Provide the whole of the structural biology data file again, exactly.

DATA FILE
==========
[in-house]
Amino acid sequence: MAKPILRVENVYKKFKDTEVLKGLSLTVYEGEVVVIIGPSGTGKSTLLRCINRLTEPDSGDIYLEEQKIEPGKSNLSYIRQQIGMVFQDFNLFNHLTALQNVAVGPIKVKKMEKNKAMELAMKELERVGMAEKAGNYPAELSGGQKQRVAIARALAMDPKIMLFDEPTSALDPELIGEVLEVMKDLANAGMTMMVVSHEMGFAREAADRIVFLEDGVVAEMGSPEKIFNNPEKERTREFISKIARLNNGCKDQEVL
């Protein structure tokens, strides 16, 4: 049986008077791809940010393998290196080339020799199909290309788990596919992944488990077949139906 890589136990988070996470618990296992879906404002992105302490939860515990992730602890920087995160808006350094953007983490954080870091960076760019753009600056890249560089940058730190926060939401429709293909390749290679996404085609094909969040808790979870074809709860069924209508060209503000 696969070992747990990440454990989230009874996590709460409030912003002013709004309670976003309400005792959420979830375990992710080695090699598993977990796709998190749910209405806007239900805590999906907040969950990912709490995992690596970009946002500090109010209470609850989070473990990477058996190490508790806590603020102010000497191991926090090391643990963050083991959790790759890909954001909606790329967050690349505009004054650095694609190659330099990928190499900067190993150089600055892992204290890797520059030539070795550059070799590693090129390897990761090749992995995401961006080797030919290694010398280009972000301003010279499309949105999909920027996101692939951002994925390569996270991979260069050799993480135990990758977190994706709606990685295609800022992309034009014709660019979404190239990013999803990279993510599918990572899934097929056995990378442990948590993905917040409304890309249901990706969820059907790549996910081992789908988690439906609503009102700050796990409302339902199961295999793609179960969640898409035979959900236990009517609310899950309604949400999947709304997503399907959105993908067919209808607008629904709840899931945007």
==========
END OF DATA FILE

[in-house]
Amino acid sequence: MAKPILRVENVYKKFKDTEVLKGLSLTVYEGEVVVIIGPSGTGKSTLLRCINRLTEPDSGDIYLEEQKIEPGKSNLSYIRQQIGMVFQDFNLFNHLTALQNVAVGPIKVKKMEKNKAMELAMKELERVGMAEKAGNYPAELSGGQKQRVAIARALAMDPKIMLFDEPTSALDPELIGEVLEVMKDLANAGMTMMVVSHEMGFAREAADRIVFLEDGVVAEMGSPEKIFNNPEKERTREFISKIARLNNGCKDQEVL
């Protein structure tokens, strides 16, 4: 049986008077791809940010393998290196080339020799199909290309788990596919992944488990077949139906 890589136990988070996470618990296992879906404002992105302490939860515990992730602890920087995160808006350094953007983490954080870091960076760019753009600056890249560089940058730190926060939401429709293909390749290679996404085609094909969040808790979870074809709860069924209508060209503000 696969070992747990990440454990989230009874996590709460409030912003002013709004309670976003309400005792959420979830375990992710080695090699598993977990796709998190749910209405806007239900805590999906907040969950990912709490995992690596970009946002500090109010209470609850989070473990990477058996190490508790806590603020102010000497191991926090090391643990963050083991959790790759890909954001909606790329967050690349505009004054650095694609190659330099990928190499900067190993150089600055892992204290890797520059030539070795550059070799590693090129390897990761090749992995995401961006080797030919290694010398280009972000301003010279499309949105999909920027996101692939951002994925390569996270991979260069050799993480135990990758977190994706709606990685295609800022992309034009014709660019979404190239990013999803990279993510599918990572899934097929056995990378442990948590993905917040409304890309249901990706969820059907790549996910081992789908988690439906609503009102700050796990409302339902199961295999793609179960969640898409035979959900236990009517609310899950309604949400999947709304997503399907959105993908067919209808607008629904709840899931945007």